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Cincinnati On Its Way To Drastically Cutting Emissions By 2030

Courtesy of Phil Armstrong
The Cincinnati Art Museum was recently awarded a grant to go green by Cincinnati's 2030 District.

With nine years to go, Cincinnati's 2030 District reports its participating companies have reduced energy usage by 21%, just ahead of where they should be, according to the group's director.

The national organization and its local affiliates have a goal of reducing energy-, water- and transportation-related emissions by 50% by 2030.

Cincinnati's 2030 Director Elizabeth Rojas says this is all voluntary since there isn't a benchmarking ordinance.

She realizes the energy consumption part can be complicated and expensive. "If you've done all the low-hanging fruit, such as changing your LED lighting, making sure that things are insulated well and that you are really buttoned up in your building, then you move to more aggressive measures."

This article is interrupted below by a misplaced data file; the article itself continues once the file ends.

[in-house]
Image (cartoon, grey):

That could take the form of building automation systems.

Some partners are already taking an extra step, outside of the 2030 goals, by committing to go to net zero. Here are links to their individual news releases: Fifth Third Bank, Procter and Gamble, the University of Cincinnati, the Cincinnati Zoo, Northern Kentucky University, and Xavier University.

There are smaller partners, and Rojas says Our Lady of Grace, Sleepy Bee Cafe, the Cincinnati Art Museum and The Mercantile were awarded grants to go green.

The next step is getting water data and surveying the companies on how to reduce transportation for building occupants.

Cincinnati 2030 is also collaborating with The Health Collaborative and the International WELL Building Institute to make sure the buildings are healthy for employees.

Ann Thompson has decades of journalism experience in the Greater Cincinnati market and brings a wealth of knowledge and expertise to her reporting.